A Sneak Peek

The One Year® Chronological Bible, NKJV (Tyndale, 2013), April 5 

imagesThe writer of Judges grants a peek into the private life of a Ephraimite family in Israel during the Judges Era—when everyone did as he saw fit. It isn’t pretty.

Chapter 17 introduces Micah (whose name means “Who is like Yahweh?”), an Ephraimite, whose mother consecrates a portion of her recovered silver to the LORD for her son to make for her “a carved image and a molded image” (17:3). Micah sets up the idol in his household and installs one of his sons as his priest. Later, a Levite from Bethlehem, Moses’ grandson (18:30), joins Micah’s household as the family priest. Moses’ grandson leads Micah’s family in worshiping a carved image. Wow! Who would have thought such a thing would happen?

One generation after Israel’s crossing the Jordan River, the Danites have yet to obtain their inheritance. Finally, they send five spies to explore their territory, and on the way they come across Micah’s farm, hear the Levite speaking, and seek his blessing. After scoping out the Sidonians, the Danites return to Micah’s house, seize his household idols, and convince Moses’ grandson to become their tribal priest. Israel has embraced idolatry only one generation into the settlement of the land of promise. Wow! Who would have thought such a thing would happen, and that it would happen so quickly?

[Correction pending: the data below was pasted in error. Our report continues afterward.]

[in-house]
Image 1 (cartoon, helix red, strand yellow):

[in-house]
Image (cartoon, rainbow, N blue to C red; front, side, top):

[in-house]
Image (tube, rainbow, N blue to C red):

What does this scene in Judges reveal about the spiritual life of Israel?

  • Without Bible literacy and a teaching priest, people quickly embrace syncretistic religion. After consecrating the returned silver to the LORD, Micah’s mother uses a portion to commission an idolatrous image. Then a Levite uses the idol in family worship. Micah and his family have blended Judaism and idolatry and formed a religion that they can live with.
  • Syncretism rapidly transforms religion into total idolatry. Jonathan takes Micah’s idols and sets them up as gods for the Danites to worship. One family’s idol (Micah) becomes one tribe’s idol. Later, all of Israel, except for a remnant, worship the gods of the Canaanites.
  • No generation can depend upon the godliness of their forefathers. Every generation must experience God for themselves. Moses’ grandson was an idolater. He had a form of religion without the power thereof.

The Apostle Paul refers to the Old Testament stories in order to warn every generation through their example, “For whatever things were written before were written for our learning, that we through the patience and comfort of the Scriptures might have hope” (Romans 15:4). Any generation is only one generation away from total spiritual decay.

Questions from today’s reading (Judges 16:1-18:30):

What was the basis of decision making in the life of Israel during the Judges Era (17:6; 18:1)?

Judges 18:30-31 identifies the man who became Micah’s household priest and Dan’s tribal priest. Who is he? What does this reveal about those who have godly heritages? About the spiritual state of the Levites during the Judges Era?